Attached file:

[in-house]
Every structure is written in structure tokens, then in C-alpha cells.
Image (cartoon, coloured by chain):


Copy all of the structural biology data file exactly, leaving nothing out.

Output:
[in-house]
Every structure is written in structure tokens, then in C-alpha cells.
Image (cartoon, coloured by chain):